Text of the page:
Rotary hears about risk factors
By: TONY MARKS
The Ville Platte Rotary Club in back-to-back meetings heard from representatives of different organizations that deal with factors affecting people, especially the youth, in our community.
At the club’s last meeting of May, President Peter Strawitz presented Court Appointed Special Advocate (CASA) representatives from the St. Landry-Evangeline office. According to Executive Director Madelyn Rosette, CASA is a “non-profit organization that works with foster care kids from St. Landry and Evangeline Parishes.”
The program is dependant on volunteers who work with these children who enter foster care through no fault of their own. “We recruit volunteers who are 21-years-old or older to mentor these younger kids,” Rosette said. “These volunteers give up their time for free. They drive to these locations, they train with us for 30-hours, and then they also sit in court observation for two hours to give the judge a non-biased report of how the children are doing.”
“We still need volunteers,” she added. “We need your support to help us advocate for even more volunteers. If you have some time in your schedule that you want to give to a child, please help us out.”
Jeremy Richard, lead advocate supervisor, gave the Rotary Club some alarming statistics regarding children that are impacted nationwide as well as at the parish level. “Here in Evangeline Parish, we have nine volunteers who service 24 children,” he said. “In Evangeline Parish there are over 70 children who are in foster care.”
Board President of CASA St. Landry-Evangeline Craig LeBouef told the club about how the program is funded. “Eighty percent of the funding comes from the Louisiana Supreme Court that is passed through money that comes down from the feds for our children who are in need of services.” He added that this money is earmarked for CASA. He further added that the remaining 20-percent of the funding comes from indirect and direct support such as the United Way, fund raising efforts, individuals, and corporations.
Gloria Nye, who is a board member, shared what her Sunrise Rotary Club of Opelousas does to recruit foster parents. “Once a year through DCFS, we give out an Outstanding Foster Parent Service Above Self Award for being an outstanding foster parent,” she said. “When that hits the paper, somebody goes ‘I could probably be a foster parent.’ That’s something this Rotary Club could do to make people aware of the critical need for foster parents here in Evangeline Parish.”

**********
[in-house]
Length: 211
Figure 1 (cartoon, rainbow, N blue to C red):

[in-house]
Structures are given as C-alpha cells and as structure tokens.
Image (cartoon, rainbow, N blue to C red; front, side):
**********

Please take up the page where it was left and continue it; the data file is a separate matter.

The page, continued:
Rotarian Maggie Ortego at the club’s first June meeting presented Deacon Barney Lejeune as her guest. He is executive director of the Jacob Crouch Suicide Prevention Services. The organization, according to him, “spreads awareness and prevention of suicide.”
Like Jeremy Richard at the meeting before, Lejeune gave the club some alarming statistics in the area. “Louisiana is above the national average at 15.5 rate per 100,000,” he said. “In 2015, 722 people died from suicide. Evangeline Parish leads the state in the rate of suicides at 29 per 100,000. The next highest is Avoyelles Parish at 24.”
Lejeune shared with the club some findings on the causes of suicide that are a sense of belongingness, a sense of being burdensome, and the capability of suicide. He further shared a story about the lead singer of Nirvana Kurt Cobain that illustrated the capability of suicide.
“When he was a young child, he hated firearms,” said Lejeune. “If somebody had a firearm, he wouldn’t go around them. When he got to be a teenager, his friends would go to shooting ranges, and he’d never go with them. They kept after him, and finally he went with them but stayed in the car. So eventually he got out of the car and eventually shot a gun.”
“At the time of his death at 27, he had a house full of guns, and he took his life with a firearm,” continued Lejeune. “What had happened was he had gotten over that fear of death. He had gotten over that fear of dying.”
Lejeune then gave some warning signs of suicide such as coded messages, getting rid of prized possessions, getting their life in order, low self esteem, no hope for the future, recent loss, fear of losing control, and any kind of changes.
He ended his Power Point presentation with steps to prevent suicide. “Ask the tough question ‘Are you thinking of suicide,’” he said. “What happens is that it releases their stress to the point they’re gonna talk to you. Then listen with an open heart for their reasons for wanting to die. Then ask why they might want to live. They want somebody to listen to them.”
The last step to prevent suicide, according to Lejeune, is to get help. “Get professional help immediately,” he said. “Contact a mental health professional, call the National Suicide Prevention Lifeline, call 911, or get them to the nearest emergency room.”